Extreme points

Bridges and tunnels

Honshu is connected to the islands of Hokkaidō, Kyūshū and Shikoku by tunnels and bridges. Three bridge systems have been built across the islands of the Inland Sea between Honshu and Shikoku (Akashi Kaikyō Bridge and the Ōnaruto Bridge; Shin-Onomichi Bridge, Innoshima Bridge, Ikuchi Bridge, Tatara Bridge, Ōmishima Bridge, Hakata–Ōshima Bridge, and the Kurushima-Kaikyō Bridge; Shimotsui-Seto Bridge, Hitsuishijima Bridge, Iwakurojima Bridge, Yoshima Bridge, Kita Bisan-Seto Bridge, and the Minami Bisan-Seto Bridge), the Seikan Tunnel connects Honshu with Hokkaidō, and the Kanmonkyo Bridge and Kanmon Tunnel connects Honshu with Kyūshū.

Population

Honshu has a total population of 104 million people, according to a 2017 estimate, 81.3% of the entire population of Japan.[8] The largest city is Tokyo (population: 37,339,804),[14] the capital of Japan and part of the Greater Tokyo Area, the most populous metropolitan area in the world.

Economy

Honshu island generates around US$4 trillion or 4/5 of Japan's GDP.[citation needed]

Administrative regions and prefectures

The island is divided into five nominal regions and contains 34 prefectures, including metropolitan Tokyo. Administratively, some smaller islands are included within these prefectures, notably including the Ogasawara Islands, Sado Island, Izu Ōshima, and Awaji Island.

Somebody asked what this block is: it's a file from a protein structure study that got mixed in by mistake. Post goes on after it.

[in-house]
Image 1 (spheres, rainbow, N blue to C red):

The regions and its prefectures are:

Natural features

Agriculture

Fruit, vegetables, grains, rice and cotton make up the main produce grown in Honshu.[15] The Tohoku region, spanning the north-eastern part of the island, is notable for its rice production, with 65% of cultivated land being rice paddy fields – almost a quarter of all paddy fields in Japan.[16] Chiba Prefecture is famous for its peanuts, also being the largest producer in Japan.[17] Rare species of the lichen genus Menegazzia are found only in Honshu.[18]

Industry

Most of Japan's tea and silk is from Honshu.[15]

Minerals and fuels

Honshu is home to a large portion[19] of Japan's minimal mineral reserves,[20] also housing small deposits of oil and coal. Several coal deposits are also located in the northern part of the island,[21] concentrated in Fukushima Prefecture and Niigata Prefecture, though Honshu's coal production is negligible in comparison to Hokkaido and Kyushu.[22] Most of Japan's oil reserves are also located in northern Honshu, along the west coast, spanning Niigata, Yamagata and Akita Prefectures.[23]

In terms of mineral resources, Honshu houses the majority of Japan's copper, lead, zinc and chromite. Smaller deposits of gold, silver, arsenic, sulphur and pyrite are also scattered across the island.[24]

See also

References

  1. ^ a b Farjon, Aljos; Filer, Denis (2013). An Atlas of the World's Conifers: An Analysis of their Distribution, Biogeography, Diversity and Conservation Status. BRILL. p. 268. ISBN 9789004211810.
  2. ^ a b "Tokyo Metropolis' Population overview – Reiwa 3 January 1" (in Japanese). Tokyo Metropolitan Government. Retrieved October 22, 2021.